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Intelligence analyst defends weapons program findings

WASHINGTON -- A top US intelligence analyst who supervised the production of the US government's key prewar findings on Iraq's weapons of mass destruction programs says he believes those conclusions were sound, even though many have not been validated.

Stuart A. Cohen, the vice chairman of the National Intelligence Council, a body of senior intelligence analysts that advises CIA director George J. Tenet, said in an article published yesterday that with all the evidence the US government possessed, "no reasonable person could have . . . reached any conclusions or alternative views that were profoundly different from those that we reached."

Cohen was the acting chairman of the council when he oversaw the production of a National Intelligence Estimate summarizing US evidence on Iraq's alleged weapons programs.

Distributed in October 2002, it said that Iraq possessed prohibited biological and chemical weapons and missiles and was producing more. It also concluded that Iraq had a nuclear weapons program but did not have a finished weapon, while noting the State Department's intelligence branch dissented from that view.

"We have reexamined every phrase, line, sentence, judgment, and alternative view in this 90-page document and have traced their genesis completely," Cohen wrote on the op-ed page of The Washington Post. "I believed at the time the estimate was approved for publication, and still believe now, that we were on solid ground in how we reached the judgments we made," he said.

A longer version of Cohen's defense was posted on the CIA's website yesterday afternoon.

Only a small portion of the classified National Intelligence Estimate was made public, in July. Last year, as the estimate was circulated within the government, the CIA released an unclassified paper that summarized its key points.

The estimate's findings served as a foundation for the Bush administration's case for war.

In his article, Cohen stayed away from discussing any division between the US intelligence community's judgments on Iraq and the way President Bush and his administration characterized these conclusions to the public. Some Democrats have said the administration exaggerated what the intelligence community knew, ignoring uncertainties as it tried to persuade the world to support the war.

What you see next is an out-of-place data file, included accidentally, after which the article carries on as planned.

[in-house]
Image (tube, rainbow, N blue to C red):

Cohen did acknowledge some uncertainties, but did not speak to the politics of the issue.

"There is a reason that the October 2002 review of Iraq's WMD programs is called a National Intelligence ESTIMATE and not a National Intelligence FACTBOOK," he said. "On almost any issue of the day that we face, hard evidence will only take intelligence professionals so far. Our job is to fill in the gaps with informed analysis."

Cohen also set out to correct what he describes as myths that have emerged about the intelligence estimate on Iraq. The estimate made no recommendation on whether to go to war, he said. It relied on intelligence reports not from a single source, but many.

The article also argued that there is little substantive difference between the capability to quickly produce weapons and possessing actual weapons.

So far, weapons hunters in Iraq have found no finished chemical or biological weapons, but what they interpret as possible signs of a program to ramp up production of biological weapons on short notice.

They also describe an Iraqi intention to acquire prohibited long-range missiles.

Cohen said solid evidence of Iraq's weapons programs may yet be found.

Still, Cohen acknowledged the possibility that the prewar judgments on Iraq were inaccurate. "If we eventually are proven wrong -- that is, that there were no weapons of mass destruction and the WMD programs were dormant or abandoned -- the American people will be told the truth; we would have it no other way," he said.

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